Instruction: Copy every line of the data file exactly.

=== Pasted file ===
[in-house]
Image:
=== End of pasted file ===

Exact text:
[in-house]
Image: